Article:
By Colleen Thomas, Daily Sports Writer
Published April 12, 2012
After playing multiple tournaments in nonconference play, when it would face three or four teams for just a single game each weekend, the No. 20 Michigan softball team jumped to a new format for the Big Ten season.
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Instead of playing a conference opponent in a one- or two-game stint, the Big Ten has decided to institute three-game series for this year’s conference schedule.
The Wolverines have dived into the heart of their conference schedule and are already seeing positive effects of the switch.
“The format is like the (NCAA) Super Regional,” said Michigan coach Carol Hutchins. “The Super Regionals are so intense — you’re playing the same team over and over. Sweeping a team is difficult, but the good thing is the team learns to rebound from a loss.
“It’s about the rebounding. They’re going to be more resilient when it matters.”
Michigan has already overcome a mid-series setback, as it dropped the second game of a doubleheader against Indiana on March 31 before bouncing back to take the final game and the series the next day.
Senior first baseman Amanda Chidester likes the switch, too. As a leader of the squad, she’s seen multiple schedule formats and knows how tough a long series can be.
“I think it’s definitely a challenge,” Chidester said. “Before in the Big Ten, you’d get through those games and you wouldn’t need as much energy, but when we got to regionals, we needed to come up with that energy because you needed it to get through.
“Now, we’re being challenged with this (format) at the beginning of the season. I think it’s going to help us so much when we get to regionals because it’s not going to be anything new to us.”
The new system should benefit Michigan, especially with inexperienced pitchers in the circle. The Wolverines rotate between two freshmen — lefty Haylie Wagner and right-hander Sara Driesenga — and in some cases, both pitchers will see action in all three games, either in the starting role or in relief.
Despite the experience the young Wolverine squad will gain as conference play continues, Hutchins does find one negative.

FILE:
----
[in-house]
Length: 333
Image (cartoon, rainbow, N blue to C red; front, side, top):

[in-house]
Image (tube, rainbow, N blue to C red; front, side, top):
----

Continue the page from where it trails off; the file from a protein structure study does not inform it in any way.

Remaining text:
“(Last) Saturday, we got on the field at 12:30 p.m. and we walked off at 7:30 p.m. — we were out there for seven hours of softball,” Hutchins said. “That’s a long time to be intense. Those kids are mentally drained — physically, probably so, but mentally, it’s very taxing.”
MAC ATTACK: On the Michigan Athletics Coaches' Show, hosted by Doug Karsch, on Monday, Hutchins noted that a team can be dangerous when it gets an early lead, but she went on to praise her team for its ability to come back in those types of situations.
Senior shortstop Stephanie Kirkpatrick also mentioned how, in practice, the team does drills where they’re down by a few runs to gain confidence and keep calm in those situations.
But when talking about the team’s next opponent, Western Michigan, Hutchins noted that the Broncos were a hot team that was playing with purpose, despite a mediocre record.
And Hutchins was right in saying that a team can be a real threat when it gets ahead — the Broncos took a 1-0 lead in the sixth inning off a two-out single up the middle, and they never relinquished it.
Western Michigan played with confidence and tallied five hits off Driesenga, who was credited with the loss.
The loss marks the first time since 2000 that the Wolverines were shut out by a nonconference opponent. Michigan beat two other Mid-American Conference teams earlier this season, Eastern Michigan and Bowling Green.
What nonconference team beat the Wolverines in 2000? Ohio, another Mid-American Conference team.
OUT OF SYNC: After putting 27 runs on the board in three games against Ohio State last weekend, Michigan couldn’t score against Western Michigan.
So what happened to the offense?
“Our kids absolutely didn’t show up,” Hutchins said. “(Our) hitters were lazy-minded, (and they lacked) intensity. Winning (at Ohio State) made them soft.”
The Wolverines recorded four hits in the shutout loss to the Broncos, but Hutchins didn’t blame the entire team.
“I thought Sara pitched well, and she pitched well enough to win,” Hutchins said. “She gave up a run and clearly couldn’t afford to.”
But when the pitching was on target, the offense didn’t show up.